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Peer Adviser Post: Declaring a Major (part 2)

Peer Adviser Post: Declaring a Major (part 2)
By Carlos Garcia CC'14 and Rachel Wangler CC '15


Flexibility, Flexibility, Flexibility
Carlos Garcia CC'14

Choosing your major can be a pretty daunting process. There are many factors to weigh: your talents, vision, preferences, family, future job opportunities etc. My own “major-discovery” journey has been quite unconventional.

I entered Columbia as a first year convinced that in at least ten years I would be at the Oscar’s ceremony. I came in fully decided to study film, my heart and mind set on Hollywood. I began taking a bunch of film classes and tried to fit in as much into the film community at Columbia. As time went by, however, I slowly began to realize that I did not quite fit within the “film world.” My mind was too calculative and my interests did not quite align with those of other film students. In my sophomore year I took a class in filmmaking. Much to my dismay I discovered what was quite a large lack of talent – my vision for my films never became a reality. It was at this point that I began to be open to the idea that film was not for me: my talents, desires, personality began to contrast more and more with my studies in film.

By that point I had already declared a major in Film, but if there is one thing I love about Columbia is flexibility. Through some subconscious prediction I had set my schedule so I could fulfill all my Core requirements as early as possible. This was crucial in giving the flexibility I needed to explore other majors. I began taking some economics and computer science classes and much to my surprise I realized how much I began to flourish within these academic areas. I immediately made an appointment with my advisor and created a full plan to fulfill a major in economics and a concentration in computer science. It was going to be a little tight, but definitely manageable.

I am currently in my spring semester of my senior year, about to successfully (fingers-crossed) finish my major and concentration. If someone were to ask me: “Carlos, what is the best piece of advice you can give to someone who is unsure of what they want to major in?” I would reply in a heartbeat, “flexibility.” My own major discovery would have been much harder had I not had time and space in my schedule to explore classes and leave room to finish a major. I am very glad that I focused on finishing the Core Curriculum as soon as possible so as to open wide the doors of possibility. It is so important to engineer one’s schedule with flexibility in mind, for one never knows when a new passion might be lurking just around the corner.


Rachel Wangler CC '15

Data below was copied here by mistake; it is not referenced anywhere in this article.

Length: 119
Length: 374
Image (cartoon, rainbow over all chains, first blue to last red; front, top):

Choosing a major can be incredibly difficult, especially when you think you want to change the major you’ve been set on since early high school.  I came to Columbia thinking I would major in Mechanical Engineering and some mystery humanities major through the 3-2 plan.  I went from wanting to be an Engineer to a Chemistry major, from Pre-Med to Economics because I wanted a “practical” major. It never occurred to me that I could major in what I had always liked—English. Somehow, it didn’t seem like a “career.”  In high school I was good at science, so it seemed natural to go in that direction.

By first semester sophomore year I was still chasing a “practical” or “useful” major.  I knew so many Econ majors and they seemed to like it enough, plus business interested me.  I settled on Economics and English because I didn’t want to be totally miserable doing something I didn’t quite like.  I took one American Literature class because I was interested in the professor. But like freshman year and Lit Hum, it was the only class I truly loved and engaged with.

The time came for me to declare and I was still uncertain. I didn’t like people asking me, “So, what are you going to do with an English degree?”  I didn’t have the answer to that, I had only worked in the restaurant industry and an office, but I knew I hated both of those things and I didn’t want to hate my job for the rest of my life.  I began to talk to other English majors about their internships and jobs, and the range was so varied I figured I would at least find something I would enjoy doing.

I decided that if I was going to study something for four years I would rather be passionate about it than suffer studying something I only thought could get me a job.  For me, college is about finding yourself and your place in the world, in addition to the education that helps you do that.  I dropped the Economics major and officially declared English.  Once I began to immerse myself in what I was truly passionate about, it felt as if a weight had been lifted from my shoulders.  All of the anxiety about jobs and internships and the rest of my life went away.  I knew that if I did something I was passionate about that I would find a job to accompany it.

 

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